A total of nearly one thousand seven hundred delegates will this weekend determine who will lead the fastest growing political party in the country since 1994.
The two-day gathering of the highest decision making body of the Democratic Alliance will bring together nearly one thousand seven hundred of the party’s members, the largest such Federal Congress in the party’s history.
The Congress comes at a time when the party is seeking to accelerate the momentum of its growth recorded over the last eighteen years. A new leadership will be tasked with ensuring greater spoils for the party in the 2014 general election.
The vast majority of the representatives at the Congress of these will come from the DA’s branches, according to a formula worked out by the second highest decision making body of the party, the Federal Council.
DA Leader Helen Zille says branch representation is not based on branch size, unlike in parties like the ANC. “If you make members your be-all or your end-all not only do you have internal aspirant politicians running and trying to write up as many members as they can and competing amongst themselves, but you have a system where you have to audit that membership because people write up dead members they make up names just to make up the numbers that give them the higher representation,” she says.
“Then there is always an argument about whether the audit was objective and whether someone manipulated the audit.”
“In the ANC, office is like a gold watch for long service it’s who has been there the longest”
Zille believes the DA’s system eliminates infighting and conflict in the party. She says their system speaks to what the party is seeking to do, penetrate new areas, and win more votes. She explains how branches win the right to be represented at the Federal Congress.
“If you have a branch you get 25 percent of your points. If that branch is in an area that has not been supporting the DA before you get another 25 percent simply for the effort of starting a branch there. If you are in a DA-supporting area you do not get that 25 percent, but you get your additional amount on the number of votes you got.”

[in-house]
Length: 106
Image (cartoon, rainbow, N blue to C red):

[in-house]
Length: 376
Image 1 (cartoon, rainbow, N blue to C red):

The Federal Congress takes place every two years. It elects leaders, establishes the party’s policies, and makes amendments to its constitution. DA National Spokesperson, Musi Maimane, who will be standing at Congress for one of the Vice Chairperson of the Federal Council positions held previously by Zille, explains the process of standing for election and how the voting works.
“There is no ways within the DA that a particular constituency says Maimane is our candidate and you will never be nominated by a province,” he says. “A single individual in the party nominated me, a second individual seconded me, I agreed to that. My branch and constituency can discuss that but whoever their representatives are who arrive at congress have every right to vote independently in a secret fashion.”
According to Zille, the DA’s philosophy levels the playing fields in terms of who can be voted into office, a crucial issue for a party that is seeking to throw off perceptions that it is a white dominated party.
“In the ANC, office is like a gold watch for long service it’s who has been there the longest. In the DA it is not that at all, you can have a brand new person standing against an experienced person and the majority of us can vote for the brand new person, thinking they can add value and that’s good – opens the system up it and brings new blood in.”
The DA will, over the two day period of its Federal Congress, be looking to make resolutions on such issues as unemployment and crime. The significance of the Congress is that its leadership will lead the party to the next national election, one in which it hopes add financial powerhouse Gauteng and the Northern Cape to its tally of provinces run by the party.
– By Busi Chimombe